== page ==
She shook his hand.  “You’re Greek.”

He nodded.  “Yes.  What brings you all the way out here, Roberta?”

“I needed to get away for a while, to clear my head.”

“Are you in some kind of trouble?”

“No.  I had a fight with my boyfriend, that’s all.”  Why on earth was she telling her business to this perfect stranger?  He was still holding her hand and his eyes were intent on her face.  He was very disarming.  Her pulse was racing and her heart was pounding.

“I’m sorry, Roberta.  I didn’t mean to pry.”  He released her hand.

“Maybe I should go—”

“No, please don’t.  Stay a little while longer.”

“But, I’m trespassing.  What if the owner catches me and—”

“Don’t worry about him.”

“You know him?”

“Yes, I do.  He’s a reasonable man.  Excuse me for a moment.”  He whipped out his phone and walked a little distance from her.  “Rodney, I won’t need the car for the rest of the afternoon.  See you in the morning.  Thank you.”  He flipped his cell closed and slipped it back into the breast pocket of his shirt.  When he joined her, he asked, “I’m going for a walk, would you care to join me?”

She hesitated.

“We won’t go far.  Just up to the hills over there.”

“Okay.”  She fell into step beside him.  The countryside was beautiful with its rolling hills and fields of yellow flowers.  “Do you come here often?”

“Yes, I do, especially on the weekends.”

“I envy the people who live in the countryside.  After working in the city it must be nice to get away and come home to peace and quiet.  And the scenery is breathtaking.”

He was looking at her.  “Do you love him?”

She glanced at him, confused.  “Who?”

“Your boyfriend.”

She lowered her eyes.  “No.  I think we’ve outgrown each other.   We fight a lot and we’re not happy.  It’s time we ended the relationship.”

“Ending a relationship is always tough but sometimes it’s for the best.”

“Tyson and I have known each other since high school.  We dated on and off.  Now that I think about it, when we were just friends, things worked perfectly between us but the moment we decided dating, things went downhill.  Now, things have gotten so bad that I don’t think we can even be friends.   When two people are not meant to be, it’s best they don’t force it.  We should never have gotten involved with each other but remained just friends.”

He studied her, his eyes taking in every detail of her features, thinking that there was no way that he could be just friends with her.  He was deeply attracted to her and the desire to see her again was overpowering.  “Are you busy this Saturday?” he heard himself ask.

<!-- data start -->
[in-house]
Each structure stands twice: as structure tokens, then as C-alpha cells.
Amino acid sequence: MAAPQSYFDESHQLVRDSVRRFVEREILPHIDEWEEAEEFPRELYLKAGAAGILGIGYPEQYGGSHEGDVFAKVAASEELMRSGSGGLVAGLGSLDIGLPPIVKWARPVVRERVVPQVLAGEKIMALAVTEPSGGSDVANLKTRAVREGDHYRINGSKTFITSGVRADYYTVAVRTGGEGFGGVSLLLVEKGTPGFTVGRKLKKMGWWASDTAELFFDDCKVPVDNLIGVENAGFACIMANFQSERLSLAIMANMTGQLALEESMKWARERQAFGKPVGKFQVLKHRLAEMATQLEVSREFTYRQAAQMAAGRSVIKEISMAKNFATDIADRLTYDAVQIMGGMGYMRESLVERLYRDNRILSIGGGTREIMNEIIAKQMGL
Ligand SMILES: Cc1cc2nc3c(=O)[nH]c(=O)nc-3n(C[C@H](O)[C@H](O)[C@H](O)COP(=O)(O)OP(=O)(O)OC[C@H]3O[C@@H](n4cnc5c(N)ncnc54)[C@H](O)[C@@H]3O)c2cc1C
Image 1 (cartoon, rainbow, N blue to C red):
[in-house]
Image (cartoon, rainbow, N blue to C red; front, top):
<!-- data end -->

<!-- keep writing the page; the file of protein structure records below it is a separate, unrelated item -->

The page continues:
“No.”

“The owner of this property is having a costume ball and I would like you to come…as my guest.”

She stared at him.  He was serious.  He really was inviting her to a costume ball.  Immediately, her mind conjured up images of people dressed as kings, queens and fictional characters.  She had never been to a ball before and the idea of dressing up thrilled her.  “I’d like to come,” she said, smiling.

He reached into his pocket and took out a card which he handed to her.  It was an invitation to the ball.  “Do you know who you will come as?” he asked.

She considered for a moment.  “I think I’ll come as Tiana from Disney’s The Princess and the Frog.  I’ve watched the movie with my niece and loved it.  And it’s not every day that you get to dress up as a princess.  What about you?”

“I don’t know as yet.  I guess you’ll have to wait and see”

She glanced at her watch.  “I really must go now.”

“I’ll walk you to your car.”

When they were standing beside her car, she held out her hand.  “It was nice meeting you, Alexis.”  He had the most amazing eyes—they reminded her of rich, dark chocolate.

He grasped her hand.  “It was a pleasure meeting you.  I look forward to seeing you at the ball.”

“Thanks for inviting me.”  It was hard to keep a clear head when he was holding her hand and staring at her.  Her heart was racing and she seemed to have a little trouble breathing.

He released her hand and watched as she climbed into her car, waving as she drove off.  The sun was beginning to set, casting an orange glow on the field.  He cut across it to get to the manor.

All the way home, Roberta thought of nothing else but about Alexis and the ball.  She couldn’t wait to see what costume he would be wearing.  She could see him as a dashing count or a Greek warrior or even a gladiator.  She had just pulled into her parking spot underground when her cell rang.  It was Tyson.  “I’m sorry about today, Roberta.  I said a lot of things I shouldn’t have.  It’s obvious that we don’t work as a couple.”

She sighed.  “I’m sorry about the things I said too.  And you’re right. We don’t work as a couple and it’s time we parted ways for good.  I wish you all the best, Tyson.  There’s a woman somewhere out there for you.”